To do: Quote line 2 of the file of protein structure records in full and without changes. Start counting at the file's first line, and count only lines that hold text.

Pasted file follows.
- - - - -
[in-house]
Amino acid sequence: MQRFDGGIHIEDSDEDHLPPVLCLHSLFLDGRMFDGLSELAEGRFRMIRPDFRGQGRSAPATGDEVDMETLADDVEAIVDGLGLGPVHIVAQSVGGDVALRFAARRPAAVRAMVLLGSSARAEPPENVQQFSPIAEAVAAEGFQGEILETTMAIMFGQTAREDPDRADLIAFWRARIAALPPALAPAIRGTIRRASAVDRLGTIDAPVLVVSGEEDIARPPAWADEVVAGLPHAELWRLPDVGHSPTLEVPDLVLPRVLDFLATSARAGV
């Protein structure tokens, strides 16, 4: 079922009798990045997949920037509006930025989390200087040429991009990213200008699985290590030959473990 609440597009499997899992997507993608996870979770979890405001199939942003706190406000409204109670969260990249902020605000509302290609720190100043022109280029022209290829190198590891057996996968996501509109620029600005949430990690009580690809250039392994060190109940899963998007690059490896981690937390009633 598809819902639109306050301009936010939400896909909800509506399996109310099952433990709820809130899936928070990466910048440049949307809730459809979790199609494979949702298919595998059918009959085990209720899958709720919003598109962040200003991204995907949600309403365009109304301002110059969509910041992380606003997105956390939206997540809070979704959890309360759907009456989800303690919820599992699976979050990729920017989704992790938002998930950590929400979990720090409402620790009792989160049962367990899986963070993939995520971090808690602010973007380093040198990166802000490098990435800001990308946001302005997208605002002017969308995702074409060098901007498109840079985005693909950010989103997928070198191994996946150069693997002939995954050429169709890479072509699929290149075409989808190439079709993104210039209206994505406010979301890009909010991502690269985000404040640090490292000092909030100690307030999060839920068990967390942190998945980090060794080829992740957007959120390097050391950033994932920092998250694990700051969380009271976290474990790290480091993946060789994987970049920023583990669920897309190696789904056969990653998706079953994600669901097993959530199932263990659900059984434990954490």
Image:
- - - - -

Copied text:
Amino acid sequence: MQRFDGGIHIEDSDEDHLPPVLCLHSLFLDGRMFDGLSELAEGRFRMIRPDFRGQGRSAPATGDEVDMETLADDVEAIVDGLGLGPVHIVAQSVGGDVALRFAARRPAAVRAMVLLGSSARAEPPENVQQFSPIAEAVAAEGFQGEILETTMAIMFGQTAREDPDRADLIAFWRARIAALPPALAPAIRGTIRRASAVDRLGTIDAPVLVVSGEEDIARPPAWADEVVAGLPHAELWRLPDVGHSPTLEVPDLVLPRVLDFLATSARAGV